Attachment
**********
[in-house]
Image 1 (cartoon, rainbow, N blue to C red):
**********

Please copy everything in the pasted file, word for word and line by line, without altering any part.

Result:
[in-house]
Image 1 (cartoon, rainbow, N blue to C red):